Opinion

Link Between Growth in Economic Activity and Electricity Use is Changing Around the World


graph of GDP and electricity use growth rates, as explained in the article text

Source: U.S. Energy Information Administration, World Bank

Growth in economic activity (measured as gross domestic product) has tended historically to be coupled with increases in electricity use as populations grow and generate more goods and services. However, more recently this relationship has been decoupling in many countries. The amount of decoupling in various countries is caused by many factors—including the countries' relative level of development, electrification, economic makeup, and income levels.

Most member countries of the more developed Organization for Economic Cooperation and Development (OECD), such as the United States, United Kingdom, and Japan, have been shifting from manufacturing economies toward service economies. Service-based economies tend to use less electricity than economies with high levels of industrial activity, as commercial services are generally less energy-intensive compared with manufacturing.

OECD member countries still have sizable manufacturing sectors, but they are shifting toward advanced manufacturing, which uses technologies that tend to be less energy-intensive. As more economic activity shifts from lower-skilled manufacturing to services and higher-skilled advanced manufacturing, additional economic activity can be generated without requiring as much electricity use.

graph of electricity use and GDP per capita, as explained in the article text
Source: U.S. Energy Information Administration, World Bank

Some non-OECD member countries, such as China, India, Brazil, and Egypt, have rapidly growing economies, often generated by a large or growing manufacturing sector. However, these economies use technologies that are less efficient and have lower-skilled labor relative to OECD countries, which requires more energy and more electricity usage to generate goods and services.

National electricity use among OECD member countries has generally remained flat in recent years, and in EIA's International Energy Outlook 2017 (IEO2017), electricity use from these countries is projected to grow modestly. Total electricity use by non-OECD member countries, however, surpassed electricity use by OECD members in 2011, and IEO2017 projects it to continue growing. The amount of electricity needed in the future will largely depend on how fast non-OECD economies grow and what type of activities make up that economic growth.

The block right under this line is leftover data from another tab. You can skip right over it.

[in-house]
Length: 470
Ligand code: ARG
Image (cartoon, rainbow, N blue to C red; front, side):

For both groups, IEO2017 projects electricity growth to remain lower than the rate of economic growth. In the IEO2017 Reference case, among OECD member countries, gross domestic product (GDP) increases by 1.7% per year, and electricity use increases by 0.9% per year between 2015 and 2040. In non-OECD countries, GDP increases by 3.8% per year, and electricity use increases by 2.0% per year over the same period.

graph of electricity use and GDP , as explained in the article text
Source: U.S. Energy Information Administration, International Energy Outlook 2017 Reference case
Note: Gross domestic product comparisons based on purchasing power parity (PPP).

Principal contributor: David Peterson


Visit source site

https://eia.gov/todayinenergy/detail.php?id=33812&...

EIAEnergy Information Administration EIAUnited StatesElectricityWorld BankNon-OECD

More items from oilvoice


China Becomes World’s Second Largest LNG Importer, Behind Japan

Source: GIIGNL LNG reports (2010-16), Global Trade Tracker export-import trade statistics (2017), and IHS Markit China surpassed South Korea to become the world's second-largest importer of liquefied natural gas (LNG) in 2017, according to data from IHS Markit and official Chinese government s ...

OilVoice Press - OilVoice


Posted 2 days agoOpinion > EIAEnergy Information Administration EIAChina +5

Investment of $97bn on Top Ten Offshore Oil Projects to Add Over 1.6 Million Barrels Per Day by 2025, Says GlobalData

Over $151.5bn in capital expenditure will be spent over the lifetime of the top ten offshore oil projects to produce 14.3 billion barrels of crude, according to GlobalData , a leading data and analytics company. These ten projects, selected from 236 upcoming offshore projects globally, will contr ...

OilVoice Press - OilVoice


Posted 2 days agoPress > GlobalDataOffshoreOil +2

Norway Leading the Oilfield Service Comeback

In 2015 and 2016 we saw record low levels of offshore volumes sanctioned, which effectively is hurting oilfield service companies' backlog. With the cost cuts E&P players made during the downturn, coupled with the recent increase in oil prices, we now see a lot of offshore projects on a global lev ...

OilVoice Press - OilVoice


Posted 2 days agoOpinion > NorwayRystad EnergyOffshore +3

S&P Global Platts Deploys Blockchain for Collation of Fujairah Oil Inventory Data

S&P Global Platts, the leading independent provider of information and benchmark prices for the commodities and energy markets, has announced that it is deploying a proprietary, secure Blockchain network to allow market participants to submit weekly inventory oil storage data to Fujairah Oil Indust ...

OilVoice Press - OilVoice


Posted 2 days agoOpinion > S&P Global PlattsBlockchainFujairah +2

Westwood Highlights Exploration Hits & Misses of 2017

  A new report from Westwood Global Energy Group shows better oil and gas exploration performance in 2017 than 2016 with discovered volumes, success rates and finding costs all improving. High impact oil & gas exploration remains challenged, however, with activity levels ...

OilVoice Press - OilVoice


Posted 2 days agoPress > westwood global energy groupexplorationMexico +1
All posts from oilvoice